Like many cultural institutions, the J. Paul Getty Museum in Los Angeles is closed due to the spread of the coronavirus. But during this challenging time, the Getty has found a way to keep people engaged with their art—even though they can’t see it in person. They’ve challenged their social media followers to “recreate a work of art with objects (and people)” from the comfort of their own homes. And the internet did not disappoint.
Artist Tara Jane Crandon fills her sketchbooks with portals to fantastical natural settings.
As a kid, the Where’s Waldo series of picture books presented a challenge even for the most eagle-eyed reader.
Artist Robin Eley is a master of painting illusions. His diverse body of work has received wide acclaim for its hyperrealistic precision, with paintings exhibited in art institutions around the world. Recently, Eley has created a series of mind-boggling canvases that appear to be wrapped in clear plastic film and tape—but in reality it’s all expertly painted by Eley himself.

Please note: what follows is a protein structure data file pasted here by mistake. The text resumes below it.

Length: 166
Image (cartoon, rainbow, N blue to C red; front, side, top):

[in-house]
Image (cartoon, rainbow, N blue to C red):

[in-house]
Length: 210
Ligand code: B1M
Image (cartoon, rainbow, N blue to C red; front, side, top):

As the novel coronavirus continues to drastically alter our daily lives, social distancing (more accurately called physical distancing)
As the winter unfolds into springtime and the natural world settles into bright colors and vibrant landscapes, the nonprofit Professional...
Although it’s commonplace for us to snap a photo of a pretty salad or impressive latte art, Japanese chef Itsuo Kobayashi was documenting unforgettable meals long before Instagram ever even existed. For the past 32 years, he has kept a food diary that details some of the delicious cuisines he’s had the chance to sample.
Known for her hyperrealistic animal paintings, Portland-based artist Lisa Ericson is back with a new series of work that defies...
With the threat of COVID-19 compelling many from around the world to stay at home, artists are sharing coloring pages...
Whether you’ve just started painting or are a professional, chances are you’ve considered using oil paint. From Rembrandt to Monet, oil paint is the hallmark of the Old Masters, its slow drying time allowing artists to manipulate the medium over an extended period. In one form or another, oil paint has existed since ancient Greece, though it came into popular use during the Northern Renaissance.
Many of us have tried looking for shapes in the clouds, but what about entire landscapes?
Today, museums around the world are working to digitize their collections.